According to the magazine Private Eye, Hitchens (who has not been silenced altogether — there remains much engaging material on his blog) is ‘talking to his lawyers’.

Reviewed by Dalrymple: Hitchens's 2003 polemic

Reviewed by Dalrymple: Hitchens’s 2003 polemic

Dalrymple reviews Hitchens’s A Brief History of Crime

Hitchens’s rage at what has been done to British society is more than justified, Dalrymple writes. In A Brief History of Crime, Hitchens is especially astute on the matter of the failings of the British criminal justice system. Hitchens has discovered, Dalrymple points out, that the systemic corruption causes people no longer

to believe very deeply in the majesty of the law or the legitimacy of the British State; and this disillusion in turn must lead to a kind of resentful apathy.

Hitchens appreciates, says Dalrymple, that such a state of mind

will be highly receptive to authoritarianism: for order will come to be valued over freedom. As the author points out, this is useful to many politicians and it explains why the rigorous enforcement of the law is so essential to liberty.

The spike: destination of Hitchens’s two most recent columns for the British newspaper the Mail on Sunday

The spike: destination of Hitchens’s most recent articles for the British newspaper the Mail on Sunday

Dalrymple writes that in A Brief History of Crime,

Mr Hitchens traces the descent of Britain, in only a few decades, from being one of the best-ordered societies in the western world to being among the worst-ordered.

Hitchens places the blame, explains Dalrymple,

firmly where it belongs: on a supine and pusillanimous political establishment that, for four decades at least, has constantly retreated before the verbal onslaught of liberal intellectuals whose weapons have been mockery allied to sentimental guilt about their prosperous and comfortable lives, and whose aim has been to liberate themselves from personally irksome moral constraints, without regard to the consequences for those less favourably placed in society than themselves.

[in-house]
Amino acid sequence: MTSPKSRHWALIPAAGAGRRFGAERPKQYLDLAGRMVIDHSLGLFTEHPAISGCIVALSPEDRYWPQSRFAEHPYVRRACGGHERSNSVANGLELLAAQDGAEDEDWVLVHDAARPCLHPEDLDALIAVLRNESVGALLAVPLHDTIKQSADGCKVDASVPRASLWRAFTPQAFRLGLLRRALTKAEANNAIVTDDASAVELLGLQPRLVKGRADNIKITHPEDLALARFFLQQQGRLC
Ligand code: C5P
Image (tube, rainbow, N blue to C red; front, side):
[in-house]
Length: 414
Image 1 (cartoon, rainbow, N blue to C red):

How Hitchens became an unperson at the Mail on Sunday, as reported by the magazine Private Eye

How Hitchens became an unperson at the Mail on Sunday, as reported by the magazine Private Eye

Dalrymple says that Hitchens’s outrage at the compromising and besmirching of British traditions, values and liberties is palpably

of the genuine and generous variety that comes from a real understanding of the conditions which millions of people now endure — unlike the simulated and self-regarding outrage that is common among liberal reformers.

Examining the way in which British peace and order have gradually disappeared,

Mr Hitchens in every case finds the self-satisfaction of people such as Roy Jenkins, who introduced lenient treatment for criminals without ever having personally to face the social consequences.

Dalrymple thinks Hitchens

Not so optimistic any more: Hitchens discusses the election result on his blog

Not so optimistic now: Hitchens discusses the election result on his blog

is too optimistic about the prospect of the nation coming to its senses: the march of ‘progressive’ sociology through the institutions has been so thorough that there is no constituency left which could preserve the kind of traditional limited polity that he believes Britain once was and which he would like to see restored.

Judging from Hitchens’s pronouncements on his blog and on Twitter since the election, he is no longer nearly as optimistic as he was when he wrote A Brief History of Crime, which Dalrymple commends as

a lucid polemic by a man who is so obviously more interested in the welfare of the common man than in the approbation of his peers.

Hitchens in the People's Republic of the Rothermeres: now you see him, now you don't

Now you read him, now you don’t

 

Hitchens as he was: the conceited Marxist participant in cheap middle-class protest

Hitchens as he was: the conceited Marxist, active in cheap middle-class protest. He gave up the Leninist claptrap along with the donkey-jacket many years ago

Le vice anglais

Vote Conservative

Vicious Tory (right)

The secret vice of voting Conservative

Dalrymple writes that people are reluctant to admit to third parties that they are going to vote for Britain’s Conservative party, because to do so is to admit to

a secret vice

or to being

actuated only by the most selfish motives.

The reluctance

is an indication of how far the Left has won the battle for the hearts and minds of at least a large section of the population, who do not believe that there can be any respectable arguments for conservatism. Not, of course, that the British Conservatives are genuinely conservative.